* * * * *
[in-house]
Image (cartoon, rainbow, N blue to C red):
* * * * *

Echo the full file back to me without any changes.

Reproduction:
[in-house]
Image (cartoon, rainbow, N blue to C red):